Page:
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Park City High School could open a teen center in 2025

Davis Education Foundation
The food pantry located in Layton High School's teen center.

The Park City School District has received two grants to build a teen center at Park City High School. It must open in 2025 or the district will lose the grants.

Teen Centers are spaces in schools designed to provide support, resources and a safe environment for teens. They have laundry facilities, kitchens, study spaces and often a counseling area.

The nonprofit Policy Project began the effort to build teen centers in Utah because over 15,000 students in the state are classified as homeless and one in three are economically disadvantaged. Teen centers help these students and others get their basic needs met.

In 2023, the Utah legislature allocated $15 million to build teen centers. Private donors also raised $3 million to support the centers. Now over 70 schools in Utah have received funding.

The Park City School District received two grants to build a teen center at the high school. The Utah State Board of Education provided a $250,000 grant and the Policy Project provided a $30,000 grant. However, the district can only keep the grants if the center is open by June 30, 2025.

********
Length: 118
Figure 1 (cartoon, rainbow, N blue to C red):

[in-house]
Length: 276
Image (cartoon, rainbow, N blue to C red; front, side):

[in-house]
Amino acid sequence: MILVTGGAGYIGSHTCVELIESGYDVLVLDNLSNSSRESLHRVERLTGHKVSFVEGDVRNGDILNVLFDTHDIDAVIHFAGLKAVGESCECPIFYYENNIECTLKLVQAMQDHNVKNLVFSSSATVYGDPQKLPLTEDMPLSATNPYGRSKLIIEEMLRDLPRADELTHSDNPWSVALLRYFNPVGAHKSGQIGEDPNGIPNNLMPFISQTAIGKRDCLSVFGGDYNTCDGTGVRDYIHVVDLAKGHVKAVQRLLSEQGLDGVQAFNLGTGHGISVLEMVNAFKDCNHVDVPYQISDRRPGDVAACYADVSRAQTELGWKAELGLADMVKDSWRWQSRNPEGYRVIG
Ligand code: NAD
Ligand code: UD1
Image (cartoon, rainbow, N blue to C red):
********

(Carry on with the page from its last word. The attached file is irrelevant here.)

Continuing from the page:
Chief Student Services Officer Carolyn Synan presented options for the center to the school board this month. There are three places on the high school’s campus where the center could potentially live, but she said the best place would be the former 3,600-square-foot woodshop, which is set to be replaced by a new construction lab that is being built in the Career and Technical Education area of the school.

Synan said transforming the old woodshop into a teen center would require an estimated $1.3 million in renovations to bring the building up to current codes and add specific facilities. One advantage to the building is a door that opens to the outdoors, which Synan said would help kids who suffer from school-related anxiety.

Park City High School teen center outline.
Park City School District

“I like the fact that the current woodshop has an outside door for our LC students who sometimes have anxiety walking through the big school, they can still enter through a side door to get to their classes,” she said.

Synan said her team also discussed putting the teen center in the main office and moving administration upstairs, or building it on the second floor in the middle of the school, but haven’t determined the cost for those locations.

However, technical manager at the Eccles Center Jason Jensen opposed building the teen center at the site of the old woodshop. He said while a door leading outside could help anxiety, the fact the performing arts venue is right next to the site complicates things as the center is regularly rented out to professional groups.

“They would be in and around that whole area for extended periods of time and as well, which could present problems that I think need to at least be examined thoroughly before a decision can be fully made,” Jensen said.

Jensen was also concerned about setting up water connections. The teen center needs plumbing for a kitchen, washing machines and bathrooms, which the woodshop doesn’t currently have.

The school board asked for additional information on all potential center locations and will discuss them at its next meeting June 18.